Thursday, March 11, 2010

The Evolving Environmental Consciousness of Farmer Brown's Boy

Here are the crimes of Farmer Brown's Boy:
  1. He shoots Reddy Fox (and threatens to shoot Johnny Chuck) [Books #1, #2]
  2. He chops down Unc' Billy Possum's tree [Book #4]
  3. He sets traps for Jerry Muskrat and Peter Rabbit (Peter gets caught)[Books #6, #7]
  4. He throws stones at Grandfather Frog (and catches him, planning to eat him).[Book #8]
When he catches Chatterer the Red Squirrel (corn stealer) in book #9 of the Bedtime Story series, however, he is surprisingly kind and nurturing. Chatterer is particularly confused, and this culminates in the scene (mentioned previously) in which Tommy Tit the chickadee proves that Farmer Brown's Boy can be trusted. By book #16 (Mrs. Quack) he is one of the staunchest defenders and students of the Smiling Pool set. What happened to change Farmer Brown's Boy?

Wayne W. Wright, in his Burgess bibliography, draws attention to yet another Burgess story cycle--Tommy and the Wishing Stone--for the answer. If read chronologically as part of the continuity, these stories, published in 1914 and 1915 in St. Nicholas, represent the turn from antagonism to empathy. (Indeed, some of these stories were published in 1921 under the title, Tommy's Change of Heart.)

It was around this period that Burgess had established the Green Meadow Club in the People's Home Journal through pledges of kindness to animals. Clearly Farmer Brown's Boy had become a poor role model.

The first explicit commentary on the behavior of Farmer Brown's Boy is in Book #8 (The Adventures of Grandfather Frog). Grandfather Frog has been captured.
But poor old Grandfather Frog couldn't be comforted...His legs smarted where the string cut into the skin, and his head ached, for you know he was hanging head down. No, Sir, Grandfather Frog couldn't be comforted. He was in a terrible fix, and he couldn't see any way out of it. He hadn't the least bit of hope left. And all the time Farmer Brown's boy was trudging along, whistling merrily. You see, it didn't occur to him to think how Grandfather Frog must be suffering and how terribly frightened he must be. He wasn't cruel. No, indeed, Farmer Brown's boy wasn't cruel. That is, he didn't mean to be cruel. He was just thoughtless, like a great many other boys, and girls too.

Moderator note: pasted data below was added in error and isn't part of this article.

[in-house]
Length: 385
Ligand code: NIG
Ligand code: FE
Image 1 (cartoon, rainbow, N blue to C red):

This was Burgess's conviction, that he maintained until the end, that children usually weren't cruel to animals for cruelty's sake and just needed their eyes opened to the suffering they were causing. And this was the job of the wishing stone.

Here's the first story in the Wishing Stone series, which establishes the premise. Tommy finds that when he sits on a certain rock in the Green Meadows and sulkily wishes he could be a meadow mouse (who doesn't "have anything to do but play all day"), he magically becomes one.
Of course he finds first-hand that the life of a meadow mouse is defined by hard work and the constant threat of predators. At the end, Danny Meadow-mouse has "one less enemy to be afraid of."